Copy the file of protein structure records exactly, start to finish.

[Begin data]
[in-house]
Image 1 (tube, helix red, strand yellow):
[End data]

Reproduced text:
[in-house]
Image 1 (tube, helix red, strand yellow):